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Reverie Winery - Western Napa Valley


92 Points - Wine Spectator magzine

Norman Kiken’s view of the wine business is quite simple. Spend whatever time it takes to search out and identify the very finest and if that revelation coincides with your own taste, then do something specific about it.

That viewpoint partially summarizes the story the 63-year-old Kiken (pronounced KICK-en) has experienced with his development of the highly regarded Reverie Winery in Western Napa Valley.

It all began nearly over three decades ago when Kiken, already a top financial officer in New York, discovered an affinity for wine. He soon found himself ordering wines by the case and devouring articles about wines and wineries. Even though his initial interest was centered on the great wines of Bordeaux, he soon found reason to change his environment and his taste in wines.

Part of his job with the giant Leucadia National Corporation involved an assignment that caused him to oversee the development of Napa’s Pine Ridge Winery. His job initially caused him to begin working in the cellar cleaning barrels, arguably the lowest rung at the winery. He gained exposure to the subtleties of the business and to the remarkable methods Pine Ridge employed to achieve their award–wining wines.

When his time came to leave Leucadia, Kiken and his wife Evelyn eventually invested in a small 40-acre vineyard in an area that many wine industry experts consider the finest cabernet sauvignon-growing region in California. The locale is known as Diamond Mountain, and is immediately adjacent to Spring Mountain on the Mayacamas Range’s eastern face. Diamond Mountain is incredibly steep and while seemingly unsuited to vines, is also home to such icons as Diamond Creek and von Strasser, to name Reverie’s closest neighbors.

“I guess it’s fair to say I really believe in mountain wines,” Norman Kiken recently commented. “I spent a lot of time learning about cabernets and became convinced the finest vines in the world were being grown in this place. Frankly, when the opportunity to purchase the land that is now Reverie became available, I literally jumped at it.”

To say that Kiken’s wine career has gone the full bore would be something of an understatement.
He also serves as Reverie’s full-time winemaker and has taken classes at both Santa Rosa Jr. College and UC-Davis to supplement his workmanship approach to the business.

Reverie’s wines were first released in 1993 under the Daydream label when Kiken decided the winery’s initial selections didn’t meet his exacting standards. It became apparent that he was on to something when one of the new wines was selected as one of the top dozen new cabernet releases by a national periodical.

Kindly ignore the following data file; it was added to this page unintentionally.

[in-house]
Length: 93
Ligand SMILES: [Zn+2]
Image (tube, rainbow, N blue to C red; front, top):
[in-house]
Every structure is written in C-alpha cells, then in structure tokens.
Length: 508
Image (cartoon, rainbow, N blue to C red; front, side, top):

The first actual Reverie Winery wines debuted in 1995 to critical acclaim.

“It was marvelous how practically everyone from Parker to the Wine Spectator embraced our wines,” Kiken recalled. “We only produced around five or six hundred cases of the first wines, and they really became in demand.”

Slow annual expansion has increased the winery’s limited production to around the 3,200 case level, and Kiken is adamant that there is no intention on his part to get larger.

“The way we do things right now allows us to be totally selective about just about every aspect of our business,” he continued. “This way, we can pick and choose and always have really superior quality.”

The ‘we’ refers to his son Andrew, 35, who is also an integral part of the winery. A recent fun project involved a wine named by his son, called A.S. Kiken that proved to be a big success.

“If you can’t have fun in this business, where can you?” asked Norm Kiken, with a broad smile on his face.

Another unique aspect of the Reverie story involves the Kikens’ approach to wine tastings. Reverie visitors are given a walk around tour along with a five-question test. A bottle of wine is the prize for a perfect score and to this writing, only 28 bottles have found new homes with Reverie’s visitors.

Reverie Winery has also recently began experimenting with small quantities of other varietals but continues to declare its intention to stay “ultra bordelaise.”

That statement come as good news to the legions of wine lovers who consider the wines of Reverie Winery and Diamond Mountain second to no other cabernets in California.

That’s okay with Norman Kiken who knows that Diamond Mountain is what it is all about and everything else tends to be a gamble. Enjoy!



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